As travel continues to scream back into existence after months of being essentially off-limits to most of us, travelers are being welcomed back with open arms by most destinations, hotels, resorts and airlines. As someone who has traveled with Amtrak’s Acela train many times between DC and NYC, and chosen Amtrak on numerous other occasions when traveling with media equipment and other supplies across country and up and down the eastern seaboard, I was eager to be back with Amtrak for what is normally an easy ride with some great scenery between DC and Chicago on the Capitol Limited. However, after the roundtrip travel experience with Amtrak, I am not eager to travel Amtrak anytime soon, and actually wonder if that return trip from Chicago will go down as my final trip with Amtrak, ever.

Amtrak: A Look Back

It was just a few months ago that Amtrak celebrated their 50th Anniversary, while boasting about how far they have come since that humble beginning on May 1, 1971. They now have more than 17,000 employees and a national system that connects more than 500 destinations across 46 states, DC and even three Canadian provinces – totaling more than 21,000 miles of routes. As I’ve spoken to a lot of people on various routes over the years, I know many of them are holding tight to that image of riding the rails back when more effort was placed on the experience, and not just navigating the delays, paperwork and shared tracks with cargo trains to get travelers from point A to point B as quickly as they can manage.

We have seen Amtrak take great strides when talking about modernizing equipment, exploring sustainability and developing ad campaigns that are inclusive of all travelers. As a traveler, I appreciate all of these things. But is it enough? The concept of fully privatizing Amtrak has been discussed on many occasions, but it always comes back to being better for the consumer to maintain it as a government-owned corporation.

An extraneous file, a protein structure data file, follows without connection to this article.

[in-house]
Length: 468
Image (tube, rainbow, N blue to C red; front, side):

Over the years, perhaps it’s the excitement we had about trains as a kid that still fuels our desire to ride the rails; or for many accustomed to the precision and level of excellence found when traveling by train throughout Europe and Asia, we might go into each Amtrak experience with unobtainable expectations. I believe that most travelers will agree with me that Amtrak has never exceeded our expectations, but I find it sad to see the quality of the train cars and onboard services sink to this new low.

Amtrak: My Current Experience

This trip confirmed for me that Amtrak consumers have lowered their expectations and therefore accept four-hour delays, horrible food, and mediocre service. We expect there to be issues on some level when we travel, but we also appreciate when airlines, restaurants and hotels accept responsibility, apologize for the problem, and then try to make it right. Considering the bedroom costs as much as luxury room at a hotel in New York City, it was not surprising that the attendant even mentioned that he was surprised to see the decrepit car still in service.

Our room was a true definition of a safety hazard, but Customer Relations and the attendant were in no hurry to apologize or fix the problem – and more importantly, take the car out of service so future travelers don’t have to experience the same level of safety, or lack thereof. The door was broken and would not fully open or close along with the small closet door unable to shut and vents being completely closed using duct tape and the overall condition of the bedroom (and entire car) was one that should be embarrassing to Amtrak.